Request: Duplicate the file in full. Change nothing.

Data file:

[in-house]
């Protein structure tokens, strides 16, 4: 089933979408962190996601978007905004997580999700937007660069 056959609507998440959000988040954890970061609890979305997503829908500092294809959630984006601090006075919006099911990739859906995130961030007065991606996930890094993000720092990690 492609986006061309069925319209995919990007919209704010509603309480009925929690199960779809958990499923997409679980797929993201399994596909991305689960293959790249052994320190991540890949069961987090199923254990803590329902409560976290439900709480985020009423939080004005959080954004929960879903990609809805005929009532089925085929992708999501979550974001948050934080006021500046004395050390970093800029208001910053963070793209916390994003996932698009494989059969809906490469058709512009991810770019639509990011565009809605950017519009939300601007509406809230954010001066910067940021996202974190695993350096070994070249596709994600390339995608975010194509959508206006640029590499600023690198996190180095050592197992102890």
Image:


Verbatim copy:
[in-house]
């Protein structure tokens, strides 16, 4: 089933979408962190996601978007905004997580999700937007660069 056959609507998440959000988040954890970061609890979305997503829908500092294809959630984006601090006075919006099911990739859906995130961030007065991606996930890094993000720092990690 492609986006061309069925319209995919990007919209704010509603309480009925929690199960779809958990499923997409679980797929993201399994596909991305689960293959790249052994320190991540890949069961987090199923254990803590329902409560976290439900709480985020009423939080004005959080954004929960879903990609809805005929009532089925085929992708999501979550974001948050934080006021500046004395050390970093800029208001910053963070793209916390994003996932698009494989059969809906490469058709512009991810770019639509990011565009809605950017519009939300601007509406809230954010001066910067940021996202974190695993350096070994070249596709994600390339995608975010194509959508206006640029590499600023690198996190180095050592197992102890």
Image: